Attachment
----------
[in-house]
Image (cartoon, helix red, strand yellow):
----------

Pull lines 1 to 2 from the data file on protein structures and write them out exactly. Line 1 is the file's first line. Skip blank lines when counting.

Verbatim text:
[in-house]
Image (cartoon, helix red, strand yellow):